The Battle of Britain: 75 Years On

Sev­en­ty-five years ago this week, the Bat­tle of Britain was at its peak, char­ac­terised by the most intense peri­od of Nazi Luft­waffe bomb­ing of Britain that took place between 10 July and 31 Octo­ber 1940. The name derives from a speech by Prime Min­is­ter Win­ston Churchill: “The Bat­tle of France is over… the Bat­tle of Britain is about to begin”.

HMSO poster echo­ing Churchill’s
famous words of August 20, 1940
“Nev­er in the field of human con­flict
was so much owed by so many
to so few”

Ini­tial­ly, from around July 1940, the tar­get was British ports and ship­ping; the Luft­waffe then moved on to tar­get RAF air­fields and infra­struc­ture in an attempt to take con­trol of the air; and final­ly Lon­don and oth­er major cities were tar­get­ed. The objec­tive was to defeat the Roy­al Air Force and estab­lish air suprema­cy, and thus either force British sur­ren­der or make an inva­sion (“Oper­a­tion Sealion”) pos­si­ble. Hitler’s fail­ure to achieve this was a major turn­ing point in the Sec­ond World War.

Today we’ll be remem­ber­ing the Bat­tle of Britain with music of the war years, extracts from famous speech­es and news broad­casts, and actu­al­i­ty record­ed at the time includ­ing inter­views with pilots, along with clas­sic film music from movies depict­ing the events, includ­ing scores by both Sir William Wal­ton and Ron Good­win for the 1969 film The Bat­tle Of Britain.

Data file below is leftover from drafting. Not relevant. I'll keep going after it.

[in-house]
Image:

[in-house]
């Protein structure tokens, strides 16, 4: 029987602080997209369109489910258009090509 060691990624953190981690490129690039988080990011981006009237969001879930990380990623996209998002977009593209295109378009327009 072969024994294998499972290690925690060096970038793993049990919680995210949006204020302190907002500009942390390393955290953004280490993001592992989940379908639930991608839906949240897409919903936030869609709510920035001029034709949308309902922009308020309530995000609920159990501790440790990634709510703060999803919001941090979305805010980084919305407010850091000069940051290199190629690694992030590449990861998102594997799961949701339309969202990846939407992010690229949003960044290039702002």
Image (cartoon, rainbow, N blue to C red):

Then at 11am and 7pm Pacif­ic Time (7pm and 3am UK time) we’ll be broad­cast­ing the mov­ing hour-long doc­u­men­tary based on the poem  For John­ny by John Pud­ney, and first broad­cast on the BBC Home Ser­vice in 1965, com­mem­o­rat­ing the 25th anniver­sary of the Bat­tle of Britain.

You can read more about the events of this crit­i­cal peri­od in Euro­pean his­to­ry here.

The head­er image shows Hur­ri­cane Mk1, RAF ser­i­al R4118, squadron code UP‑W, UK civ­il reg­is­tra­tion G‑HUPW, at the Roy­al Inter­na­tion­al Air Tat­too, Fair­ford, Glouces­ter­shire, Eng­land. The air­craft was deliv­ered new to 605 (Coun­ty of War­wick) Squadron in August 1940. It flew 49 com­bat sor­ties from Croy­don, Eng­land, destroy­ing 3 ene­my air­craft and dam­ag­ing 2 oth­ers. Still paint­ed in its orig­i­nal mark­ings, R4118 is the only Hur­ri­cane from the Bat­tle of Britain still fly­ing. Pho­to by Arp­ing­stone (Wiki­me­dia, pub­lic domain)

Today’s pro­gramme is pre­sent­ed by Elrik Mer­lin. If you are in the Unit­ed States or Cana­da, please click here to launch the Stream Licens­ing play­er. To lis­ten from out­side North Amer­i­ca, click here to start your play­er .

This pro­gramme is also avail­able in enhanced-qual­i­ty AAC. Tune in here:

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